Individual Human Potential and Mental Health
|George Hofmann||May 27|
The lasting legacy of 2020 and 2021 may be the loss of confidence in individual human potential. As many take sides in countless debates, finding refuge in large amorphous groups, confidence in individual capability and achievement to overcome perceived obstacles has suffered. Ironically, this segmentation of complex human flourishing into silos of ideology, race and class erodes the community we need to work together toward to enable each one of us to thrive.
Examples abound. The idea that a person succeeds or fails based primarily on the color of their skin totally ignores the contribution of grit, effort and character in forging a satisfying, caring life. Conflating one’s behavior toward reducing the spread of a contagious disease with political opinion or moral virtue denies a respect for the discoveries, and questions, of science necessary to survive in a challenging, competitive world. Separating immigrants into categories of those who are desirable and those who are not overlooks the capacity for all to accomplish good once they arrive and are afforded the advantages of opportunity we all share in the United States. And the idea that a person’s success should be appropriated in order to compensate for another’s failure reduces us each to a fictitious equality of outcome that has no parallel in history or nature.
Examples of individual potential break though the noise of collective blame and the searches for sweeping generalities. That a vaccine for Covid-19 was developed in months is a tremendous work of success of a program like Operation Warp Speed. But the actual work, the true advances, were accomplished by individual scientists motivated by curiosity and purpose. The fact that so many businesses, from neighborhood coffee shops to huge corporations, were able to pivot, immediately change business models, and thrive in the face of the greatest economic crisis in most of our lives is a testament not to big relief packages, but to individual managers throwing every workable idea they could muster into their organizations and working their tails off to survive.
Parents upended their lives to compensate for slow, fearful schools and the ambitious took the opportunity to learn new skills and brighten their expectations. Still, the narrative is that we are a failing society that conspires against affinity groups to succeed by holding people down. We have replaced the hero with helpless masses driven to blame others for every misfortune they encounter.
Yet, in the field of mental health, only a certainty of human potential can push a person with behavioral problems toward wellness. Yes, there are disparities in treatment availability. Yes, some are treatment resistant. Yes, some who honestly try will not get better. But for most people and most families truly interested in getting well help is available. When help is identified, the ability to overcome a mental illness shifts back onto the individual. The individual with the potential to thrive.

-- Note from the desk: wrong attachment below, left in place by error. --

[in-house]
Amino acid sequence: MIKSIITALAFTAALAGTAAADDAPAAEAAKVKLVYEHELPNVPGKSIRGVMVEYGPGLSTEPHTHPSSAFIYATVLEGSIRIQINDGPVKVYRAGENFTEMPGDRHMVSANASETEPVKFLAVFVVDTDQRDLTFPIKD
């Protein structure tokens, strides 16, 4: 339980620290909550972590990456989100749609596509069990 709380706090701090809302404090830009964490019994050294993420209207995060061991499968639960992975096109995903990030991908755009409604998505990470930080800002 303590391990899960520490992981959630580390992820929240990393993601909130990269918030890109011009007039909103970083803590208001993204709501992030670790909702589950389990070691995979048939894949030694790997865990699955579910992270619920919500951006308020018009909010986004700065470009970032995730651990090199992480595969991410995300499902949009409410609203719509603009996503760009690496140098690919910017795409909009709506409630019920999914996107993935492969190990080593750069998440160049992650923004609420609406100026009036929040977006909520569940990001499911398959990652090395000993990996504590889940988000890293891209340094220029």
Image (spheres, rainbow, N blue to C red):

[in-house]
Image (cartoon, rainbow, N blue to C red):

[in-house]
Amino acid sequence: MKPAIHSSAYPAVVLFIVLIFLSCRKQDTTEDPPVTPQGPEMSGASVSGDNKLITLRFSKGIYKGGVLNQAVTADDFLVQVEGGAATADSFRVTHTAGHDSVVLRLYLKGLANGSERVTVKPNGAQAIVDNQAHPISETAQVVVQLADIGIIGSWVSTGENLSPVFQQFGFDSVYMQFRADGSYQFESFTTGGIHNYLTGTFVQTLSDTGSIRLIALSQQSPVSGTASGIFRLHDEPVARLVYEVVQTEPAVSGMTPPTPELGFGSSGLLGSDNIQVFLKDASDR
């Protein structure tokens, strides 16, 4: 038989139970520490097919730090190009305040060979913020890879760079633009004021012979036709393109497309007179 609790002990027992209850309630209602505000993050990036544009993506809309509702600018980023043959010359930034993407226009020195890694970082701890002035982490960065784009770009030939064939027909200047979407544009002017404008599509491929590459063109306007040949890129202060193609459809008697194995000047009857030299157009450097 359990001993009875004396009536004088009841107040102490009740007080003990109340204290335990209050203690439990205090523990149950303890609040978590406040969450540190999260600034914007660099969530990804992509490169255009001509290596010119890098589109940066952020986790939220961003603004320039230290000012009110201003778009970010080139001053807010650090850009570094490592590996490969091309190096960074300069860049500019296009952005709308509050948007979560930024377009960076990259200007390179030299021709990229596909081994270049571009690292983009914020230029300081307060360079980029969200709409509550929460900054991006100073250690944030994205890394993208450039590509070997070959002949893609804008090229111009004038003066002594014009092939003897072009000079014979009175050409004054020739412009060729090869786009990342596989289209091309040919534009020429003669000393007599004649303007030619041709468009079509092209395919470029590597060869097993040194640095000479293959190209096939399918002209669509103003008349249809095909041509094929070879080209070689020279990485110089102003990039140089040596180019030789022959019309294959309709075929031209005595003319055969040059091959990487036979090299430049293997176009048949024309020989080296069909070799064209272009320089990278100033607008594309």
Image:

The challenged person, with the encouragement of family, friends and caregivers, must make the decisions to take their medicine, keep their appointments, and do everything possible to become and remain productive. Human potential can bring a person to a good life. But it requires the effort of the individual to approach a chance to grow and contribute back to the society that rewards individual effort and joins together to move forward in the face of any challenge – as a brave, quiet, loosely coalesced group of hard-working people has done in 2020 and 2021.
I do not avoid or diminish the role of community in an empathetic life full of caring contributions that make the world a better place for all. Community offers common purpose and worth. Within communities we contribute our best and find support when we need it. But communities of complaint, communities that deny the contribution of motivated individuals, communities constructed to attempt to correct some injustice by vilifying and co-opting the rights of others will never last. Unfortunately the damage they do while they bare their teeth and air their complaints can hold back, even make opponents of, self-responsibility, meaningful work and true human flourishing.
Mental health relies on the individual seeing a chance at wellness and applying the therapies and self-discipline required and available to grow into promise. When one is confronted with dependency and surrender, the desperate options erected by the cultural zeitgeist and many in the psychiatric community today, one can only be expected to fail. Risk becomes meaningless. Role models overlooked. Potential is ignored.
You can complain that the playing field is not level. It never was. You can object that the cards are stacked against you. They always have been. They certainly were for me and others with bipolar disorder who struggled on food stamps and languished in inpatient psychiatric facilities. But intrepid people with initiative overcome obstacles, not succumb to them. It’s called potential because it’s not guaranteed. But it is latent in everyone. To find it and to draw on it is to make the most of yourself despite the odds against you. This potential is the great equalizer, and tapping it is the sure path to help yourself, to succeed, and to give back to others so that they can reach and grasp their possibilities as well.